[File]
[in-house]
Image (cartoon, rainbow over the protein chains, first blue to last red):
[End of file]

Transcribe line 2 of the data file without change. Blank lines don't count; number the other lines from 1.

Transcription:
Image (cartoon, rainbow over the protein chains, first blue to last red):